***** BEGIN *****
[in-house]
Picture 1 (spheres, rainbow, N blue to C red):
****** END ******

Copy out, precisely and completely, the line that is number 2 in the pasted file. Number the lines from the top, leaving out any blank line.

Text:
Picture 1 (spheres, rainbow, N blue to C red):